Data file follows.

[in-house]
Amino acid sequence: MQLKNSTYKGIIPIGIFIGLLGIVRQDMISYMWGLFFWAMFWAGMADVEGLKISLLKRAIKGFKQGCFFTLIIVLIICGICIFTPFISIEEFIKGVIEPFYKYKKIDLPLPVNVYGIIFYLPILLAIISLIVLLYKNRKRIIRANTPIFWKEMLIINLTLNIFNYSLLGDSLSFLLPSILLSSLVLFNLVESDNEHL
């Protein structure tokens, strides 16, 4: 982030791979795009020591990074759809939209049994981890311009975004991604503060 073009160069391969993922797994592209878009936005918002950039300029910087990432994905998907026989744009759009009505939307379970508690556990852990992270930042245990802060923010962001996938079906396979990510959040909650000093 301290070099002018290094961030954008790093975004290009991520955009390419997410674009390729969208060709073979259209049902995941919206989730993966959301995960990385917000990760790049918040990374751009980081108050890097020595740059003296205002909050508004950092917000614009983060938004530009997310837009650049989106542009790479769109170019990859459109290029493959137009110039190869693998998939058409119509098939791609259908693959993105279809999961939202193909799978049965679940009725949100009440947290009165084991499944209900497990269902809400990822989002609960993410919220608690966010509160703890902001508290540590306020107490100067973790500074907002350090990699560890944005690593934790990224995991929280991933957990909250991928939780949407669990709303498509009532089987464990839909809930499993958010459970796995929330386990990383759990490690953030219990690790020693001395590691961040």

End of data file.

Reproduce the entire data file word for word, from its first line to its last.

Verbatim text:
[in-house]
Amino acid sequence: MQLKNSTYKGIIPIGIFIGLLGIVRQDMISYMWGLFFWAMFWAGMADVEGLKISLLKRAIKGFKQGCFFTLIIVLIICGICIFTPFISIEEFIKGVIEPFYKYKKIDLPLPVNVYGIIFYLPILLAIISLIVLLYKNRKRIIRANTPIFWKEMLIINLTLNIFNYSLLGDSLSFLLPSILLSSLVLFNLVESDNEHL
């Protein structure tokens, strides 16, 4: 982030791979795009020591990074759809939209049994981890311009975004991604503060 073009160069391969993922797994592209878009936005918002950039300029910087990432994905998907026989744009759009009505939307379970508690556990852990992270930042245990802060923010962001996938079906396979990510959040909650000093 301290070099002018290094961030954008790093975004290009991520955009390419997410674009390729969208060709073979259209049902995941919206989730993966959301995960990385917000990760790049918040990374751009980081108050890097020595740059003296205002909050508004950092917000614009983060938004530009997310837009650049989106542009790479769109170019990859459109290029493959137009110039190869693998998939058409119509098939791609259908693959993105279809999961939202193909799978049965679940009725949100009440947290009165084991499944209900497990269902809400990822989002609960993410919220608690966010509160703890902001508290540590306020107490100067973790500074907002350090990699560890944005690593934790990224995991929280991933957990909250991928939780949407669990709303498509009532089987464990839909809930499993958010459970796995929330386990990383759990490690953030219990690790020693001395590691961040």